Buying a home can be a lengthy process, but one way to speed up getting it is to prequalify. Mortgage prequalification one step away from preliminary approvalbut has its advantages. This is what prequalification is and why you might want to prequalify for a mortgage.
What is Mortgage Prequalification?
Mortgage prequalification is an estimate of the amount a borrower can be approved for based on income and other underlying factors. The prequalification process is easier than pre-approval processand this can usually be done via a phone call or an online form that provides the lender with some financial information.
Pros of prequalifying mortgages
You will get an idea of your budget
One of the benefits of going through the prequalification process is that you will have a general understanding of what can you afford before buying for a home, says McKregger, senior vice president and regional manager Home loan in angel oak in Atlanta.
You will avoid the shock of stickers if you go through this process earlier, especially if you are buying your first home.
“At times, buyers may have an unrealistic view of payments for a particular home due to the fact that some information about mortgage payments may appear on the Internet,” said Craig Garcia, president of Capital Partners Mortgage in Coral Springs, Florida. “Knowing exactly what a realistic home payment is can help buyers focus on properties that actually fit their budget desires or constraints.”
“You may also know where you stand with the final costs,” says Abel Carrasco, lender at Homeowners Financial Group in St. Petersburg, Florida.
“Understanding how much money you need to close a deal, including the down payment and closing costs, will help you better manage your costs and help you design a course that will help you achieve your goal of owning a home,” says Carrasco.
You could be in a stronger position
Prequalification can help you “improve your bargaining power with the seller,” says Peter Boomer, head of mortgage at the company. PNC Bank – although pre-approval has a lot more weight these days.
However, prequalification can help the salesperson know that “you are serious about the case,” says Carrasco.
“It’s not uncommon in this market for sellers and their realtors to insist on getting a pre-qualification letter before you are allowed to inspect a home,” says Carrasco. “In a hot market, sellers do not want to waste their time preparing their home for display and only leave to drive through their home with no funds or intentions to buy it.”
You can find out more about your options
While prequalification is not a formal process like pre-approval, it gives the borrower the opportunity to provide the lender with some information about income, assets and liabilities, says Kregger.
Now that the lender has this information, you can inquire about the different types of mortgages that are appropriate for your situation, and possibly any first-time homebuyer programs or the help you are applying for.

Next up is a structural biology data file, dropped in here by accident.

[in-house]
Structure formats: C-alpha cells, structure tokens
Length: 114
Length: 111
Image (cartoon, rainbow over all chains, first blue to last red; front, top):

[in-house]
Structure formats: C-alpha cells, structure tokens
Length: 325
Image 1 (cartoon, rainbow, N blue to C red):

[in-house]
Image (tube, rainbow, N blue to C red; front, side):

“You may be able to complete the purchase with a lower down payment than you anticipated, or perhaps your credit is in better condition than you thought,” Garcia says. “Understanding your options helps you make better decisions when it comes to choosing a home.”
Cons of prequalifying a mortgage loan
It can affect your credit score
If you prequalify multiple times over an extended period, such as once in January and again in June, your credit rating will be affected. This is not ideal as you want to apply for a loan with the best rate and conditions.
However, if you pre-qualify for a mortgage within a shorter period of time, it will have little impact on your outcome. This is because credit rating models group requests over a shorter period, usually 30 days, into a single request for your credit report. This means that you should make all purchases in a short amount of time if you can.
“It is your right as a consumer to be able to shop between lenders to make sure you are getting competitive quotes,” says Carrasco.
Once the lender takes your loan, the same report will be used for underwriting if you submit a full mortgage application – and the lender won’t need to pick it up again as the report is valid for 120 days, adds Carrasco.
Nothing is guaranteed
There is no clear standard in the mortgage industry as to what exactly is prequalification or pre-approval, Garcia said.
Most mortgage lenders view prequalification as a preliminary overview of the needs and qualifications of the borrower, designed to give the borrower an idea of the possibilities. In other words, prequalification does not mean that you are guaranteed to get a loan. In fact, if the prequalification process isn’t as important as pre-approval, or doesn’t provide enough details about your financial situation, you may still be denied. Thus, prequalification can give a false sense of security.
If you’ve been prequalified and narrowed down your home searches, it’s time to get pre-approved.
During the pre-approval process, the lender reviews your credit report and financial situation and approves the specific mortgage amount for you. To do this, you need to provide more detailed information, including documentation of employment, car loans and student loans, total savings, and other debts such as credit cards.